David Finher's film is not just a movie about the creation of Facebook, but a poignant comment on our time.
The Social Network
The Social Network
Director: David Fincher.
Starring: Jesse Eisenberg, Andrew Garfield, Justin Timberlake
Some movies are slow-burners. Some build on solid opening acts. And some simply explode into life from the very first frame. It is the latter scenario, blissfully, that applies to the Facebook parable, The Social Network, a movie that leaps into life in scene one, and doesn't stop racing, twisting, chopping and changing, until the credits roll after a deliciously woozy 121 minutes of pure ache and pleasure. But it doesn't visually boom and aurally bang in the way that bedevils so many of its contemporary Hollywood blockbuster cousins (yes, we mean you, Iron Man 2). Instead, and as is totally appropriate to the story of the tricky creation of the world's premier social networking site, and of the broken friendships and subsequent legal actions that followed, it is a movie of razor-sharp intellectual fireworks mixed with deep human emotions.
Thus, the motor-mouthed Harvard anti-hero Mark Zuckerberg (Jesse Eisenberg, never better) sets the pace from scene one, drowning out the studio-fanfare with a rapid-fire meditation on everything from Chinese IQ levels to college fraternities, to the apparently lacklustre future that awaits his patiently attentive girlfriend, the lower-rung Boston University student Erica Albright (Rooney Mara). Unimpressed by these condescending musings, Albright rightly dumps him on the spot. Typically, the scene both sets the dizzying tone for the movie to come, and establishes the motivation for Zuckerberg's invention - he rushes back to his dorm and, full of spite, creates a misogynistic campus website called "Facemash" (where women are rated for their looks), which is a crude precursor of his next idea, "The Facebook", which eventually, somewhere in act two, becomes the Facebook site that the world embraces and that inspires two bitter lawsuits which bookend the entire drama.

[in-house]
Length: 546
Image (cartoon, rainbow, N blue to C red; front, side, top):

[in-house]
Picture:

Of course, none of this is chronological. Instead, from the pen of Aaron Sorkin (The West Wing), writing at his best amid a whirl of flashbacks and flashforwards, and from the lens of the director David Fincher (Fight Club) - at 48, hitting something of a career high - we get the classic story of a lonely man consumed by his own genius, but one that is told with the greatest formal élan and in the most contemporary of settings (think "Citizen Kane 2.0"). In this, the dramatis personae are all indecently fascinating, and flawlessly played - Andrew Garfield as Zuckerberg's only friend Eduardo Saverin, and Justin Timberlake as the overly confident internet entrepreneur Sean Parker, deserve special praise for wearing their roles with such ease.
And yet, the surprising kick with The Social Network is its sheer heart. For this is a movie that cares for its version of Zuckerberg, even as he alienates those closest to him.
It's a film that distrusts social networking itself, and questions the motivations of a man who put distance into friendship in the name of the same. But mostly, it works as a film precisely because it is a monumental movie about our time, and one that asks an age-old question about the price of success.